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WIPO Arbitration and Mediation Center

ADMINISTRATIVE PANEL DECISION

New Sioux City Iron Co. v. J.A. Romero

Case No. D2007-0116

 

1. The Parties

The Complainant is New Sioux City Iron Co., of Sioux City, Iowa, United States of America, represented by McKee, Voorhees & Sease P.L.C., United States of America.

The Respondent is J.A. Romero, of St. Paul, Minnesota, acting on behalf of Mining Auger & Tool Works, Inc. of St. Paul, Minnesota, United States of America, which is represented by Haugen Law Firm PLLP, United States of America.

 

2. The Domain Name and Registrar

The <tooldepot.com> domain name is registered with Network Solutions, LLC.

 

3. Procedural History

The Complaint was filed with the WIPO Arbitration and Mediation Center (“Center”) on January 29, 2007. On February 1, 2007, the Center transmitted by email to Network Solutions, LLC a request for registrar verification in connection with the domain name at issue. On February 1, 2007, Network Solutions transmitted by email to the Center its verification confirming that Respondent is listed as the registrant for the domain name, confirming details of the registration agreements, and providing contact details for the technical and administrative contacts for the domain name.

The Center verified that the Complaint satisfied the formal requirements of the Uniform Domain Name Dispute Resolution Policy (“Policy”), the Rules for Uniform Domain Name Dispute Resolution Policy (“Rules”), and the WIPO Supplemental Rules for Uniform Domain Name Dispute Resolution Policy (“Supplemental Rules”).

In accordance with the Rules, paragraphs 2(a) and 4(a), the Center formally notified Respondent of the Complaint, and the proceedings commenced on February 8, 2007. In accordance with the Rules, paragraph 5(a), the due date for Response was March 1, 2007. The Response was filed with the Center on February 28, 2007.

The Center appointed Debra J. Stanek as the sole panelist in this matter on March 12, 2007. The Panel finds that it was properly constituted. The Panel has submitted the Statement of Acceptance and Declaration of Impartiality and Independence, as required by the Center to ensure compliance with the Rules, paragraph 7.

 

4. Factual Background

Complainant has used the mark TOOL DEPOT in connection with retail store services since 1998. It owns a United States federal trademark registration for the mark TOOL DEPOT and has registered the domain name <tooldepots.net> for its website.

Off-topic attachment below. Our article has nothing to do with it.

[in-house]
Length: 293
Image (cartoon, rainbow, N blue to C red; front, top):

Respondent registered the disputed domain name, which devolves to a website that bears a legend stating that it is “under construction,” but also contains links to third party sites.

 

5. Parties’ Contentions

A. Complainant

Complainant makes the following contentions:

Complainant owns a United States federal trademark registration for the mark TOOL DEPOT for retail store services for tools, hardware, construction supplies, and home improvement supplies. The registration was issued in 2004; the earliest date of first use in interstate commerce is May 1998. The disputed domain name is confusingly similar to Complainant’s mark because it incorporates the mark in its entirety.

Respondent has no rights or legitimate interests in the disputed domain name. Complainant has not authorized Respondent to use its mark and Complainant has no relationship with Respondent.

Respondent is not known by the terms, “tool depot,” the disputed domain name, or any variations. Respondent does not offer any goods or services of its own through the <tooldepot.com> domain name. Instead, visitors to that website are presented with a page that states that the site is “under construction,” but contains links to third party sites which presumably generate revenue for the registrar.

Further, a review of the website at “www.jackhammers.com,” does not show any use of “tool depot”. A search of the United States Patent and Trademark Office database for marks owned by Mining Auger & Tool Works, Inc., which operates the “www.jackhammer.com” website, did not reveal any “tool depot” mark.

Respondent registered and is using the disputed domain names in bad faith because:

(1) Respondent’s apparent purpose was to confuse those looking for Complainant’s website by adding “.com” to Complainant’s registered mark, providing links that generate revenue for Respondent’s registrar.

(2) Respondent’s contact information connects it to the “www.jackhammers.com” website, in the same business as Complainant, suggesting that Respondent is trying to attract visitors for commercial gain by creating a likelihood of confusion with Complainant’s mark or is attempting to sell or transfer the disputed domain name to Complainant for greater consideration than the cost of registration.

B. Respondent

Mining Auger & Tool Works, Inc. makes the following contentions:

Respondent registered the disputed domain name as agent for and for the benefit of Mining Auger & Tool Works, Inc. which is the real party in interest here.

Complainant’s trademark registration is not valid.

Complainant originally applied to register the mark THE TOOL DEPOT, but subsequently amended its application - most likely in 2004 - to the mark TOOL DEPOT, thus affecting the dates of first use claimed in the original application.

Mining Auger & Tool Works, Inc. has used the mark TOOL DEPOT in connection with a bona fide offering of goods and services. It began using the mark TOOL DEPOT in the United States as early as the 1970s, many years before the date of first use claimed in Complainant’s federal trademark registration. Mining Auger & Tool Works, Inc. supports this contention with the affidavit of its Vice President and Director of Marketing, Steven Schuweiler, who has worked for the company since 1976, as well as copies of catalog pages, flyers, and order forms that use the designation TOOL DEPOT in connection with Mining Auger & Tool Works, Inc.’s products and service that predate Complainant’s use. Further, the <tooldepot.com> domain name was registered on September 26, 1996, a date which also predates Complainant’s use.

Mining Auger & Tool Works, Inc.’s rights in the TOOL DEPOT mark are superior to those of Complainant. By virtue of its prior use, Mining Auger & Tool Works, Inc. could not have registered the domain name in bad faith. By virtue of its lack of use of the domain name, it cannot be said to be using the domain name in bad faith.